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Most Popular API Specification

3 Min Read

Vyom Srivastava

API or Application Programming Interface, we have talked a lot about it in the previous posts. There are different types of API on the internet, some of them are public, some of them are private APIs and some of them are partner APIs. These APIs need to follow specific standards in order to become manageable as they’re written in different languages. This standard is known as API specifications.

API specifications are the standards that an API needs to follow so that it follows a specific structure and ability to diversify the system. It is a broad understanding of how an API works and how the API connects with the other third party APIs.

In API development, we see a variety of functions, modules, classes, etc calling each other and performing different sorts of functionalities. In API specification, we see how we implement these functions, how are they called and what they do. In addition to that, we see how they relate to each other.

There are different types of API specification on the internet. So, which one’s best for you? Let’s find out.

OpenAPI Specification (formerly Swagger)

It is a specification for REST API that defines a standard, language-agnostic interface which allows both humans and computers to understand and interact with the API with a minimum amount of implementation logic.

It can be used by API document generators which displays the API and generates the code snippets and other testing tools which use REST API.

This API specification is built using Semantic Versioning or semver and follows the semver specification in many places. Semantic Versioning is a versioning method which is used by software to release their updates. It works by structuring each version in three parts: MAJOR, MINOR, and PATCH. So it follows the structure like:

SOFTWARE_NAME MAJOR.MINOR.PATCH

OpenAPI Specification was formerly known as Swagger which was launched in 2010 and in 2015 SmartBear acquired the company and renamed it to OpenAPI Specification. Other founding members include Apigee, Capital One, Google, IMB, Intuit, Paypal and Microsoft.

RAML

RAML is like a YAML version for APIs. It uses YAML to describe the REST APIs and provides all the information which is required to practically describe the API. It is also able to describe the APIs which do not follow the constraints of REST APIs.

RAML promotes the use of code reusability, pattern sharing, and emergence of best practises. It was first proposed in 2013 and was authored by Uri Sarid, Emiliano Lesende, Santiago Vacas, and Damian Martinez.

RAML is also supported by organizations like MuleSoft, Angular, Intuit, Box, PayPal, Programmable Web etc.

Sample of RAML file:

#%RAML 0.8
title: World Music API
baseUri: http://example.api.com/{version}
version: v1
traits:
- paged:
queryParameters:
pages:
description: The number of pages to return
type: number
- secured: !include http://raml-example.com/secured.yml
/songs:
is: [ paged, secured ]
get:
queryParameters:
genre:
description: filter the songs by genre
post:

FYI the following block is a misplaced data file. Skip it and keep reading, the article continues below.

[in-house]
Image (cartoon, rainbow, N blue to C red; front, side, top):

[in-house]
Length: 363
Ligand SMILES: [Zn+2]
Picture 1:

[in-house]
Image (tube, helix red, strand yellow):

/{songId}:
get:
responses:
200:
body:
application/json:
schema: |
{ "$schema": "http://json-schema.org/schema",
"type": "object",
"description": "A canonical song",
"properties": {
"title": { "type": "string" },
"artist": { "type": "string" }
},
"required": [ "title", "artist" ]
}
application/xml:
delete:
description: |
This method will *delete* an **individual song**

AsyncAPI Specification

It is an open-source initiative which improves the structure and semantics of Event Driven APIs or Asynchronous API. It is used to document and describe the message driven APIs in a low level readable format.

You can use AsyncAPI Specification for APIs that work over any protocol (e.g., AMQP, MQTT, WebSockets, Kafka, STOMP, HTTP, etc). It also defines a set of files required to describe such APIs. These files are used to create functions, documentation, integrations etc.

Sample of AsyncAPI Specification:

user/signedup:
subscribe:
$ref: "#/components/messages/userSignUp"

JSON Schema

This is one of the oldest API specifications and is split into two parts: Core and Validations. The JSON core schema defines the foundation of the JSON schema and JSON schema validation defines the keywords of JSON schema.

The meta-schemas are schemas against which other schemas can be validated.It is self-descriptive: the JSON Schema meta-schema validates itself. This specification is used for the validation of the JSON schema and also used for validation, extraction, documentation and interaction controller.

It is derived from XML schema but uses JSON for structuring and validation. Example:

{
"firstName": "John",
"lastName": "Smith",
"isAlive": true,
"age": 27,
"address": {
"streetAddress": "21 2nd Street",
"city": "New York",
"state": "NY",
"postalCode": "10021-3100"
},
"phoneNumbers": [
{
"type": "home",
"number": "212 555-1234"
},
{
"type": "office",
"number": "646 555-4567"
}
],
"children": [],
"spouse": null
}

API Blueprint Specification

It is a documentation oriented web API language which is used for the documentation of REST APIs. It is basically a set of rules and assumptions which is used to describe a web api with the help of Markdown.

It is built to encourage the collaboration between the project stakeholders, developers and customers for the maximum output at any step in the API development lifecycle.

Example:

# Blog Posts [/posts]
## Retrieve All Posts [GET]
+ Response 200 (application/json)
+ Attributes (array[Blog Post])
CONTENT
OpenAPI Specification (formerly Swagger)RAMLAsyncAPI SpecificationJSON SchemaAPI Blueprint Specification

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